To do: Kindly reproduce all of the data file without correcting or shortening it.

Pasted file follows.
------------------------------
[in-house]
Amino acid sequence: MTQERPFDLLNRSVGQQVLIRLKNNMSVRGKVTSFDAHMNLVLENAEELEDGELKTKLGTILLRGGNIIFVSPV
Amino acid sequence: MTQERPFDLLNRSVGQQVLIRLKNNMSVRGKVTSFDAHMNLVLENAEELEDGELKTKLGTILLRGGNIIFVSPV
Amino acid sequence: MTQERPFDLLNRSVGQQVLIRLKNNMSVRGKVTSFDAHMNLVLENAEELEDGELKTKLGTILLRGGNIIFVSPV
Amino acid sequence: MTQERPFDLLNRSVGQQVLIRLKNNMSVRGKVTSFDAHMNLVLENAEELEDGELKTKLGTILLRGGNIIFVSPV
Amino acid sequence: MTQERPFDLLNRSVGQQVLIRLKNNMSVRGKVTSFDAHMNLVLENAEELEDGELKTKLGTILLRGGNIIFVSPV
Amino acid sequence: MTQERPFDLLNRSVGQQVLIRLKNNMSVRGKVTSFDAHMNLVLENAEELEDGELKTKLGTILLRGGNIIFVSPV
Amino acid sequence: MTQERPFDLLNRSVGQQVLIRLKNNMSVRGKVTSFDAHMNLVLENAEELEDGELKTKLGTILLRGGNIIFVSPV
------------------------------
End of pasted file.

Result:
[in-house]
Amino acid sequence: MTQERPFDLLNRSVGQQVLIRLKNNMSVRGKVTSFDAHMNLVLENAEELEDGELKTKLGTILLRGGNIIFVSPV
Amino acid sequence: MTQERPFDLLNRSVGQQVLIRLKNNMSVRGKVTSFDAHMNLVLENAEELEDGELKTKLGTILLRGGNIIFVSPV
Amino acid sequence: MTQERPFDLLNRSVGQQVLIRLKNNMSVRGKVTSFDAHMNLVLENAEELEDGELKTKLGTILLRGGNIIFVSPV
Amino acid sequence: MTQERPFDLLNRSVGQQVLIRLKNNMSVRGKVTSFDAHMNLVLENAEELEDGELKTKLGTILLRGGNIIFVSPV
Amino acid sequence: MTQERPFDLLNRSVGQQVLIRLKNNMSVRGKVTSFDAHMNLVLENAEELEDGELKTKLGTILLRGGNIIFVSPV
Amino acid sequence: MTQERPFDLLNRSVGQQVLIRLKNNMSVRGKVTSFDAHMNLVLENAEELEDGELKTKLGTILLRGGNIIFVSPV
Amino acid sequence: MTQERPFDLLNRSVGQQVLIRLKNNMSVRGKVTSFDAHMNLVLENAEELEDGELKTKLGTILLRGGNIIFVSPV